United States Antiterror Law Is Missing The Mark: Changing The Material Support Statute To Hit The Target, Tessa Beryl Tilton Feb 2019

United States Antiterror Law Is Missing The Mark: Changing The Material Support Statute To Hit The Target, Tessa Beryl Tilton

William & Mary Law Review

No abstract provided.


Bulk Biometric Metadata Collection, Margaret Hu Jun 2018

Bulk Biometric Metadata Collection, Margaret Hu

Faculty Publications

Smart police body cameras and smart glasses worn by law enforcement increasingly reflect state-of-the-art surveillance technology, such as the integration of live-streaming video with facial recognition and artificial intelligence tools, including automated analytics. This Article explores how these emerging cybersurveillance technologies risk the potential for bulk biometric metadata collection. Such collection is likely to fall outside the scope of the types of bulk metadata collection protections regulated by the USA FREEDOM Act of 2015. The USA FREEDOM Act was intended to bring the practice of bulk telephony metadata collection conducted by the National Security Agency (“NSA”) under tighter regulation. In …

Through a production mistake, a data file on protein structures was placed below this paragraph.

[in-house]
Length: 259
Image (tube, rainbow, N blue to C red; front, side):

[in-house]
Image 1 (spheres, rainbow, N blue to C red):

The Unreasonable Rise Of Reasonable Suspicion: Terrorist Watchlists And Terry V. Ohio, Jeffrey Kahn Dec 2017

The Unreasonable Rise Of Reasonable Suspicion: Terrorist Watchlists And Terry V. Ohio, Jeffrey Kahn

William & Mary Bill of Rights Journal

Terry v. Ohio’s “reasonable suspicion” test was created in the context of domestic law enforcement, but it did not remain there. This Essay examines the effect of transplanting this test into a new context: the world of terrorist watchlists. In this new context, reasonable suspicion is the standard used to authorize the infringement on liberty that often results from being watchlisted. But nothing else from the case that created that standard remains the same. The government official changes from a local police officer to an anonymous member of the intelligence community. The purpose changes from crime prevention to counterterrorism. …


Private Actors, Corporate Data And National Security: What Assistance Do Tech Companies Owe Law Enforcement?, Caren Morrison Dec 2017